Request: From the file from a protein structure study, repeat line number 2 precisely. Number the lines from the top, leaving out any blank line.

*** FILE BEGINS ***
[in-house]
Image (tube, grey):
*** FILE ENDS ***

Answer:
Image (tube, grey):